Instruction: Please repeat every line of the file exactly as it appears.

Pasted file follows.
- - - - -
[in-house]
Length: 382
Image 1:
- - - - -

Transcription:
[in-house]
Length: 382
Image 1: